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Abstract of the Week

October Topic of the month: Neural Correlates of Dizziness

No 490: October 2, 2019

lsalman O, Ost J, Vanspauwen R, Blaivie C, De Ridder D, Vanneste S. The Neural Correlates of Chronic Symptoms of Vertigo Proneness in Humans. PLoS One 2016, Apr 18;11(4):e0152309. doi: 10.1371/journal.pone.0152309. eCollection 2016.
Vestibular signals are of significant importance for variable functions including gaze stabilization, spatial perception, navigation, cognition, and bodily self-consciousness. The vestibular network governs functions that might be impaired in patients affected with vestibular dysfunction. It is currently unclear how different brain regions/networks process vestibular information and integrate the information into a unified spatial percept related to somatosensory awareness and whether people with recurrent balance complaints have a neural signature as a trait affecting their development of chronic symptoms of vertigo. Pivotal evidence points to a vestibular-related brain network in humans that is widely distributed in nature. By using resting state source localized electroencephalography in non-vertiginous state, electrophysiological changes in activity and functional connectivity of 23 patients with balance complaints where chronic symptoms of vertigo and dizziness are among the most common reported complaints are analyzed and compared to healthy subjects. The analyses showed increased alpha2 activity within the posterior cingulate cortex and the precuneues/cuneus and reduced beta3 and gamma activity within the pregenual and subgenual anterior cingulate cortex for the subjects with balance complaints. These electrophysiological variations were correlated with reported chronic symptoms of vertigo intensity. A region of interest analysis found reduced functional connectivity for gamma activity within the vestibular cortex, precuneus, frontal eye field, intra-parietal sulcus, orbitofrontal cortex, and the dorsal anterior cingulate cortex. In addition, there was a positive correlation between chronic symptoms of vertigo intensity and increased alpha-gamma nesting in the left frontal eye field. When compared to healthy subjects, there is evidence of electrophysiological changes in the brain of patients with balance complaints even outside chronic symptoms of vertigo episodes. This suggests that these patients have a neural signature or trait that makes them prone to developing chronic balance problems.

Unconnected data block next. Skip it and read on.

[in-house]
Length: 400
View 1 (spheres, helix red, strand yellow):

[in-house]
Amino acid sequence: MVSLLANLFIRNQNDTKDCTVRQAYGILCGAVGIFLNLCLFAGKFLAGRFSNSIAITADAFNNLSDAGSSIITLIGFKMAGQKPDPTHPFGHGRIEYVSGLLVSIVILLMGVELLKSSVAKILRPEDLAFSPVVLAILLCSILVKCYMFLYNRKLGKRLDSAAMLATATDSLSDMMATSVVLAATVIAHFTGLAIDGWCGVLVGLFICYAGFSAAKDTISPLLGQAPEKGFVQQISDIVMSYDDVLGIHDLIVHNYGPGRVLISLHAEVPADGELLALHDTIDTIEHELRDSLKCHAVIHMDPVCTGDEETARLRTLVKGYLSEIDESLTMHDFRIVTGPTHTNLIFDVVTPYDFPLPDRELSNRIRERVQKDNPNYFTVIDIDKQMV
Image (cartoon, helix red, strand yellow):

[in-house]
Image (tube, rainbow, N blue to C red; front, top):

PMID: 27089185

September Topic of the month: Back to Basics

No 488: September 18, 2019

Rodrigues DL, Ledesma ALL, Pires de Oliveira CA, Bahmad F Jr. Effect of Vestibular Exercises Associated With Repositioning Maneuvers in Patients With Benign Paroxysmal Positional Vertigo: A Randomized Controlled Clinical Trial Otol Neurotol. 2019 Sep;40(8):e824-e829. doi: 10.1097/MAO.0000000000002324.
In addition to positional vertigo, it is quite common for patients with benign paroxysmal positional vertigo (BPPV) to present complaints associated with balance problems and a feeling of dizziness even after repositioning maneuvers.

OBJECTIVE: It was to evaluate the additional effects of vestibular rehabilitation exercises as a therapeutic resource in the treatment of BPPV, to improve symptoms and reduce recurrence.

STUDY DESIGN: This was an experimental, prospective, randomized, controlled study.

SETTING: Instituto Brasiliense de Otorrinolaringologia (IBORL) from August 2016 to September 2017.

PATIENTS: Thirty-two individuals, both men and women, over 18 years of age with BPPV.

INTERVENTION: They were randomly assigned to two groups: the control group (n=15) performing only the maneuver technique as treatment and the experimental group (n=17) performing the maneuvers and vestibular rehabilitation exercises. Patients underwent treatment and responded to the dizziness handicap inventory (DHI) and visual analog scale (VAS) questionnaires for comparison between groups. Participants were followed up for 6 months to observe recurrence of symptoms.

MAIN OUTCOME MEASURES: To investigate the additional effects of vestibular exercises in the treatment of BPPV.

RESULTS: The experimental group had a lower level of dizziness in the posttreatment period (p<0.05) and a lower incidence of recurrences (p=0.038) than the control group.